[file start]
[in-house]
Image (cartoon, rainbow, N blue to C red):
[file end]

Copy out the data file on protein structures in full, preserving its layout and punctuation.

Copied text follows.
[in-house]
Image (cartoon, rainbow, N blue to C red):